Cages have two key components – bars and the gaps between the bars.
And when we try to improve student behaviour in schools with systems of control – such as programs, rules, matrices and policies – we build an impressive cage of sturdy bars.
The problem we have is that student behaviour cares not for our bars. It’s actually more interested in the gaps. Behaviours are attracted to these gaps, gently probing and exploring them for areas of weakness, inconsistency and just enough room to squeeze between.
For this reason, I contend that trying to contain behaviour in schools with systems of control in schools is akin to trying to cage a fart.
For just a little while, it seems to have worked too. But before long, the undeniably stinky stuff has dodged the bars and it’s on the loose. And your stakeholders are enduring a School Culture that’s once again on the nose, despite all that cage building labour.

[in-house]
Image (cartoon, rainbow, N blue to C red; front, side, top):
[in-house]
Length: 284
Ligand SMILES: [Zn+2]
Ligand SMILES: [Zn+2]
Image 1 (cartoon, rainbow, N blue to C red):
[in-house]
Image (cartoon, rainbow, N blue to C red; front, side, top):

What I find equally curious and bewildering is that many schools, once they realise the cage has failed, tend to go shopping for a new cage.
You don’t need a cage. It isn’t fit for purpose.
It’s better to focus on raising young people who aren’t stinking up your classrooms in the first place.
Keep fighting that good fight,
PS. What a challenging Semester 1 it’s been for so many of you. Congratulations on getting through it. If you’d like some ugg boot PL to enjoy in the break, we’re running some warm, toasty and super-affordable virtual workshops that will do the trick nicely. All the deets are at this link.
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